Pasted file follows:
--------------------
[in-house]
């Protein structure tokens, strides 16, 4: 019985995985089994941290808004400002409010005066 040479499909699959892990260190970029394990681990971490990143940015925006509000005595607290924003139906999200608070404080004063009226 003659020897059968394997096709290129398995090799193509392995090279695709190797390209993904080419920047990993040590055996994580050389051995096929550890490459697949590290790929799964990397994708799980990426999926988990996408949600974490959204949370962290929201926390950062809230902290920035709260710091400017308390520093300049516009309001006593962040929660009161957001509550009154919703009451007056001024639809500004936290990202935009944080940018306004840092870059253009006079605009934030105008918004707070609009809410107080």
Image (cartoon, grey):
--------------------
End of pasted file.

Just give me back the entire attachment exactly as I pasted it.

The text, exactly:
[in-house]
């Protein structure tokens, strides 16, 4: 019985995985089994941290808004400002409010005066 040479499909699959892990260190970029394990681990971490990143940015925006509000005595607290924003139906999200608070404080004063009226 003659020897059968394997096709290129398995090799193509392995090279695709190797390209993904080419920047990993040590055996994580050389051995096929550890490459697949590290790929799964990397994708799980990426999926988990996408949600974490959204949370962290929201926390950062809230902290920035709260710091400017308390520093300049516009309001006593962040929660009161957001509550009154919703009451007056001024639809500004936290990202935009944080940018306004840092870059253009006079605009934030105008918004707070609009809410107080």
Image (cartoon, grey):